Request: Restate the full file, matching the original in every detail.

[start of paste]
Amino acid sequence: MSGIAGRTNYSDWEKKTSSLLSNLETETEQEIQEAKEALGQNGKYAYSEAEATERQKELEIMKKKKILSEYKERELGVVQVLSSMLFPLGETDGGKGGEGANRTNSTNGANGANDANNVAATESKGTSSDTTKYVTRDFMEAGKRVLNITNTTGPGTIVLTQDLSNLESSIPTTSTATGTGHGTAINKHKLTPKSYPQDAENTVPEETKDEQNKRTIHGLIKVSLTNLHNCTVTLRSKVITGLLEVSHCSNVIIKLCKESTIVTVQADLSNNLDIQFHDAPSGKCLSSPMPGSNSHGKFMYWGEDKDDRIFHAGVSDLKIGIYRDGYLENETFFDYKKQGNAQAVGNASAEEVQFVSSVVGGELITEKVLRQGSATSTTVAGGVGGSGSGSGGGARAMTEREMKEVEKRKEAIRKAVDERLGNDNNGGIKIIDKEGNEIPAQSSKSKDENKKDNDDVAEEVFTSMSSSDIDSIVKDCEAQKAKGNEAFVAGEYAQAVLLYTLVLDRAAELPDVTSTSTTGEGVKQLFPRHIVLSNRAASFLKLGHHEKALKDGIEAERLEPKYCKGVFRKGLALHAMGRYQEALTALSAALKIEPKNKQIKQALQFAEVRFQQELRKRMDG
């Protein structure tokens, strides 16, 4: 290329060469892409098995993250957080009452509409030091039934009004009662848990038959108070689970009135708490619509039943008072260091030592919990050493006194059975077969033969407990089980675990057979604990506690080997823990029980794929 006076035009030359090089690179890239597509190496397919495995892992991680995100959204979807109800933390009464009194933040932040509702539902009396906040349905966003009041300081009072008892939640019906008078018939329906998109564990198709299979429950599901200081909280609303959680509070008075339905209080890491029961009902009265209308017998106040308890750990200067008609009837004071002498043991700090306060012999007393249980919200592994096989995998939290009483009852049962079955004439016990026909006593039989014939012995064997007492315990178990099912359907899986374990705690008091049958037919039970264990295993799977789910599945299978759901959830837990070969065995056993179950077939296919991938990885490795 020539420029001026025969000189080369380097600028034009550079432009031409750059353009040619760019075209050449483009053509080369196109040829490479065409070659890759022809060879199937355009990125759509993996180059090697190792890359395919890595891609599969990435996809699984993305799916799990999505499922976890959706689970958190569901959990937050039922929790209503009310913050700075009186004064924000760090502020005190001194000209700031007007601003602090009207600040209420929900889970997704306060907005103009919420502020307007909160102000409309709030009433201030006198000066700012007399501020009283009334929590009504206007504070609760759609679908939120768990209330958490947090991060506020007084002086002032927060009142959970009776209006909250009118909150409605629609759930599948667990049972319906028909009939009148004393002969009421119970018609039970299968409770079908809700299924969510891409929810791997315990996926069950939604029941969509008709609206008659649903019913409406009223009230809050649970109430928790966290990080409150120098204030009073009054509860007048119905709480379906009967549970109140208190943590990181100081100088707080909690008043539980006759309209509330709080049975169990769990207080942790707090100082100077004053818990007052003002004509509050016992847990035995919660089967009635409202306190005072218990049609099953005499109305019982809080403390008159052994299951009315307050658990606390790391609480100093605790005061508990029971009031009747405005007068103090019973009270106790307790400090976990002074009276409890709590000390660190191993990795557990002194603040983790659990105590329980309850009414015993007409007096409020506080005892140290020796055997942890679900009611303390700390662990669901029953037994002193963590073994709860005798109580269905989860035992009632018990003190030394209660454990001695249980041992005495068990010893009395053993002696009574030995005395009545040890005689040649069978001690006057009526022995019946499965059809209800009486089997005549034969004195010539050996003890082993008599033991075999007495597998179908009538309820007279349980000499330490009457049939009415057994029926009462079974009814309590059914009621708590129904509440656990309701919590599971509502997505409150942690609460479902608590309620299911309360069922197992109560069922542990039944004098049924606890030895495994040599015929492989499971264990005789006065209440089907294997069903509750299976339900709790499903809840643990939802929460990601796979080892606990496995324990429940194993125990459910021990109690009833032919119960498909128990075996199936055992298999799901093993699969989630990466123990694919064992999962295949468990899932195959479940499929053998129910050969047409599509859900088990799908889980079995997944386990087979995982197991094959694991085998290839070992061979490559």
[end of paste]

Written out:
Amino acid sequence: MSGIAGRTNYSDWEKKTSSLLSNLETETEQEIQEAKEALGQNGKYAYSEAEATERQKELEIMKKKKILSEYKERELGVVQVLSSMLFPLGETDGGKGGEGANRTNSTNGANGANDANNVAATESKGTSSDTTKYVTRDFMEAGKRVLNITNTTGPGTIVLTQDLSNLESSIPTTSTATGTGHGTAINKHKLTPKSYPQDAENTVPEETKDEQNKRTIHGLIKVSLTNLHNCTVTLRSKVITGLLEVSHCSNVIIKLCKESTIVTVQADLSNNLDIQFHDAPSGKCLSSPMPGSNSHGKFMYWGEDKDDRIFHAGVSDLKIGIYRDGYLENETFFDYKKQGNAQAVGNASAEEVQFVSSVVGGELITEKVLRQGSATSTTVAGGVGGSGSGSGGGARAMTEREMKEVEKRKEAIRKAVDERLGNDNNGGIKIIDKEGNEIPAQSSKSKDENKKDNDDVAEEVFTSMSSSDIDSIVKDCEAQKAKGNEAFVAGEYAQAVLLYTLVLDRAAELPDVTSTSTTGEGVKQLFPRHIVLSNRAASFLKLGHHEKALKDGIEAERLEPKYCKGVFRKGLALHAMGRYQEALTALSAALKIEPKNKQIKQALQFAEVRFQQELRKRMDG
């Protein structure tokens, strides 16, 4: 290329060469892409098995993250957080009452509409030091039934009004009662848990038959108070689970009135708490619509039943008072260091030592919990050493006194059975077969033969407990089980675990057979604990506690080997823990029980794929 006076035009030359090089690179890239597509190496397919495995892992991680995100959204979807109800933390009464009194933040932040509702539902009396906040349905966003009041300081009072008892939640019906008078018939329906998109564990198709299979429950599901200081909280609303959680509070008075339905209080890491029961009902009265209308017998106040308890750990200067008609009837004071002498043991700090306060012999007393249980919200592994096989995998939290009483009852049962079955004439016990026909006593039989014939012995064997007492315990178990099912359907899986374990705690008091049958037919039970264990295993799977789910599945299978759901959830837990070969065995056993179950077939296919991938990885490795 020539420029001026025969000189080369380097600028034009550079432009031409750059353009040619760019075209050449483009053509080369196109040829490479065409070659890759022809060879199937355009990125759509993996180059090697190792890359395919890595891609599969990435996809699984993305799916799990999505499922976890959706689970958190569901959990937050039922929790209503009310913050700075009186004064924000760090502020005190001194000209700031007007601003602090009207600040209420929900889970997704306060907005103009919420502020307007909160102000409309709030009433201030006198000066700012007399501020009283009334929590009504206007504070609760759609679908939120768990209330958490947090991060506020007084002086002032927060009142959970009776209006909250009118909150409605629609759930599948667990049972319906028909009939009148004393002969009421119970018609039970299968409770079908809700299924969510891409929810791997315990996926069950939604029941969509008709609206008659649903019913409406009223009230809050649970109430928790966290990080409150120098204030009073009054509860007048119905709480379906009967549970109140208190943590990181100081100088707080909690008043539980006759309209509330709080049975169990769990207080942790707090100082100077004053818990007052003002004509509050016992847990035995919660089967009635409202306190005072218990049609099953005499109305019982809080403390008159052994299951009315307050658990606390790391609480100093605790005061508990029971009031009747405005007068103090019973009270106790307790400090976990002074009276409890709590000390660190191993990795557990002194603040983790659990105590329980309850009414015993007409007096409020506080005892140290020796055997942890679900009611303390700390662990669901029953037994002193963590073994709860005798109580269905989860035992009632018990003190030394209660454990001695249980041992005495068990010893009395053993002696009574030995005395009545040890005689040649069978001690006057009526022995019946499965059809209800009486089997005549034969004195010539050996003890082993008599033991075999007495597998179908009538309820007279349980000499330490009457049939009415057994029926009462079974009814309590059914009621708590129904509440656990309701919590599971509502997505409150942690609460479902608590309620299911309360069922197992109560069922542990039944004098049924606890030895495994040599015929492989499971264990005789006065209440089907294997069903509750299976339900709790499903809840643990939802929460990601796979080892606990496995324990429940194993125990459910021990109690009833032919119960498909128990075996199936055992298999799901093993699969989630990466123990694919064992999962295949468990899932195959479940499929053998129910050969047409599509859900088990799908889980079995997944386990087979995982197991094959694991085998290839070992061979490559």